Yale is still a place, thankfully, where there are people who love and value poetry. Yet, it is very hard to describe to today’s undergraduates what it was like to be here in the 1970s and 1980s, when excitement around literary studies in general, and poetry specifically, was at its peak. In those days, hundreds of students were galvanized by literature courses, and by a number of faculty members, foremost among them Harold Bloom, who packed lecture and seminar rooms and filled the air with excitement.

In the last few days, some have asked to understand, in simple form, what Bloom’s contribution has been. First, there are few scholars whose work actually transforms a field. Bloom’s did. He altered our thinking about the poets of the past. He made us see the Romantics through a different lens. It was once customary to think of the greatest English poets as John Donne, Alexander Pope, John Keats, Robert Frost and T.S. Eliot.  Bloom of course did not negate these, but he added to them by establishing a new canon, prominently featuring (among others) Percy Shelley, W.B. Yeats, Hart Crane, Ralph Waldo Emerson, Walt Whitman, Wallace Stevens and Elizabeth Bishop.

Not everyone agreed with Bloom about this canon. Over time, it has been challenged and enlarged, as is natural when someone of genius proposes a theory. But once his view caught the prevailing wind, returning to older ways of seeing poets was impossible. His view was transformative: he changed the way people saw, understood and read poets’ work.

In some cases — for example, Wallace Stevens and Elizabeth Bishop — one might even say that he was responsible for their fame, since his students, captivated by what they learned, began teaching it around the nation. Anthologies printed more of the poets he valued. Teachers taught more of their work. AP exams asked students to write about their poems. The Bloom “canon” took a central place in literary culture.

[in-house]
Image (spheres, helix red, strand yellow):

Bloom was an original mind in another way: he developed a theory of poetry that addressed the way poets work, and by the same token, how we read them. Although this is considerably more complicated than what can be described in a few sentences, he suggested that gifted poets who are trying to write great poems have “anxiety” about the greatness of the work that has preceded them.  

How, for example, do poets who come after Milton or Shakespeare imagine that they can match them? Only the strongest poets, Bloom argued, ultimately are able to pass from anxiety to original self-discovery. By insisting that poets do not write mainly with reference to the conventions of genre and fashion, but are always profoundly influenced, and in some senses overcome by the greatness of what has preceded them, he opened a new way of contextualizing and understanding poems.

 These were original and stunning accomplishments. But well beyond these and well beyond his books, Bloom influenced students, the campus and the world beyond Yale through the originality and force of his mind and his personality. He was a larger-than-life presence who wrote and spoke with commanding authority. He defended the power of reading not through the lens of isms or social or political thought or agendas, but through the direct experience of the reader with the book and the depth of pleasure and experience and knowledge that would come from that.

To read his powerful arguments in ”Shelley’s Mythmaking (1959)” or in ”Shakespeare: the Invention of the Human (1998)” is to be plunged into the heart of the poetry and have it opened up as you had not imagined possible. To sit and hear him go line-by-line through “The Idea of Order To Key West” or a Shakespeare soliloquy, as I did as a young assistant professor, was — to use the vernacular — mind-blowing. To hear him read, or more often simply recite, a part of Hart Crane’s ”The Bridge or Wallace Stevens’ “Auroras of Autumn” was an electrifying experience. 

Bloom’s parents were immigrants, who did not even speak English, and his own first language was Yiddish. Yet, he spoke not in phrases or sentences but in whole paragraphs, in which he could convey to those who listened to the complex heart of a poem in a way that made you open your eyes, ears, mind and heart to it. In the last few years, too physically frail to leave home, he taught mostly by Skype and with his wife Jeanne welcomed into his home an endless stream of colleagues, friends, journalists, critics and  — always and especially — students.

“Poetry is the essence which takes its place as life’s redemption,” Wallace Stevens said. And if there was ever one who was good at professing that, living that and persuading us of that, it was the original, inimitable, irrepressible Bloom.

PENELOPE LAURANS, a senior advisor at the University, was Head of Jonathan Edwards College from 2008-2016. Contact her at penelope.laurans@yale.edu .